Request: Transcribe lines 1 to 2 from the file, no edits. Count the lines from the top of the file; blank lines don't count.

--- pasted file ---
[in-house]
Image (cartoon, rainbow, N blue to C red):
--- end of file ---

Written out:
[in-house]
Image (cartoon, rainbow, N blue to C red):